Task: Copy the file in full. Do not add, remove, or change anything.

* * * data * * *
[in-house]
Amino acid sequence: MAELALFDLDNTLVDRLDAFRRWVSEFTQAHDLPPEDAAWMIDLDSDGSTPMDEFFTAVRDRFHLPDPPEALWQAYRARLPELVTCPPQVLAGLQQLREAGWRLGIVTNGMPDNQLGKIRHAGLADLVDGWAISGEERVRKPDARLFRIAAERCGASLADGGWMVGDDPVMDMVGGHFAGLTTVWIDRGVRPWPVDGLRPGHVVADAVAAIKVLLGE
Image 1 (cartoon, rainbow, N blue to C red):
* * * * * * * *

[in-house]
Amino acid sequence: MAELALFDLDNTLVDRLDAFRRWVSEFTQAHDLPPEDAAWMIDLDSDGSTPMDEFFTAVRDRFHLPDPPEALWQAYRARLPELVTCPPQVLAGLQQLREAGWRLGIVTNGMPDNQLGKIRHAGLADLVDGWAISGEERVRKPDARLFRIAAERCGASLADGGWMVGDDPVMDMVGGHFAGLTTVWIDRGVRPWPVDGLRPGHVVADAVAAIKVLLGE
Image 1 (cartoon, rainbow, N blue to C red):